He said the budget was about $24 million when he was first elected and now it’s $30 million. How to slow that escalation and slow the raising of taxes each year is the challenge. “We’ve go to look into everything in the budget,” he said.
DeAngelo, who was in the minority when the last teachers’ contract was approved, said that while teachers deserve “a fair contract,” if elected, and given the opportunity, he would look into having teachers contribute to their health care premiums.
John Paul Bonin
A little over a year ago John Paul Bonin, Kimberly Yochem and Michael J. Brown were three of a group of parents who got together to challenge the proposed closing of the Sarah J. Dymond Elementary School in Harding.
They all live in Harding and have kids in Dymond.
Bonin said the Dymond numbers were done internally, not externally, and that was a problem.
“When we looked at the numbers, that’s when we saw the issues with the budget were district-wide and decided to form our team,” Bonin said.
Bonin emphasized though the team formed over Dymond, they would vote to close it, or another school if, “an external analysis showed a school could be closed and benefit the taxpayers on conditions of enrollment going down and that it could be justified to the state.”
The team has a campaign based on what they call three pillars of excellence: “good business management practices, community involvement and contracts.”
Examples of the three are 1. Look at line items and perform evaluations. 2. Get people with ideas involved. Establish a funnel of ideas from the bottom up. Maybe go to borough meetings to get people involve. 3. Cell phones, the district has 44 cell phones and the April bill was $1,600.
In an email Bonin wrote, “With a combined forty years of leadership and strategic financial business planning, we bring new problem solving processes and business management skills for a better future.
“As taxpayers, homeowners and parents with six young children in the district, we understand the need for financial stability in our homes and in the workplace.”
As to the teachers’ contract stalemate he said, “We agree its unfair they have been teaching four years without a contract.”
Brown said his, Bonin’s and Yochem’s education and work experience are strengths. Bonin has a Master’s Degree in Business Administration and as a manager of business development nationally in private industry he prepares yearly sales budgets and strategies
Brown is employed as the Operations Manager at Prebola Enterprises, Inc. in Wyoming, where he is responsible for improving productivity, efficiency and profitability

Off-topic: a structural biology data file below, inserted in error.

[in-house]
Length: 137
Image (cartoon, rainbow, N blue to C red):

Yochem has a Bachelor’s Degree in Economics and a Master’s Degree in Healthcare Administration. She is an Account Executive in Provider Network Management
“The first thing,” Brown said, “would be to go through everything, getting new quotes. Dallas changed bus companies and saved $83,000. Every little bit helps.”
Brown said he goes to school board meetings and often there are only 30 people there. “We don’t think everyone is aware of what’s going on. We’d like to get more people at the meetings.”
Yochem said Bonin can speak for her on the issues as the went over the budget together and are running as a team. She did say it is tough for the team to address the teachers’ contract. “There are no numbers. We only know what anybody else knows, so it’s hard to know what we would do. They should have a contract.”
Ree Ree DeLuca
Though she was defeated in the 2011 primary, DeLuca is not deterred. She believes she could make a difference on the board. “My three major issues are getting the teachers and retirees to contribute to their health care; second, getting the teachers’ contract settled and third transparency to public so people know what’s going on.
“This is what I think is important right now. I have three in school and care a lot about kids.”
DeLuca has questions about the Sara J. Dymond school. “Is it true there are 12 rooms and they only use six, what’s the cost of the insurance and fees on sewage plant and how much is the cost to bus and serve lunch everyday.”
Jerry Stofko, a retired United States Postal worker who is running on his own, didn’t want to comment for this story. Stofko missed a ballot position in the 2011 primary by 1.25 percent on the Democrat side and by 48 votes on the Republican side.